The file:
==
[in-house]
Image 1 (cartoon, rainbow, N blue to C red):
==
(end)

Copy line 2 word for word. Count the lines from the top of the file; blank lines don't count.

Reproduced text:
Image 1 (cartoon, rainbow, N blue to C red):